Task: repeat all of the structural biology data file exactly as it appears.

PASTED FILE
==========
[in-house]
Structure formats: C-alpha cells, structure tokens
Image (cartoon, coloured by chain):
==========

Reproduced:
[in-house]
Structure formats: C-alpha cells, structure tokens
Image (cartoon, coloured by chain):